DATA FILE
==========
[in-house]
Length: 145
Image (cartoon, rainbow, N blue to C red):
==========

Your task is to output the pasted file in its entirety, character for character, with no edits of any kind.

[in-house]
Length: 145
Image (cartoon, rainbow, N blue to C red):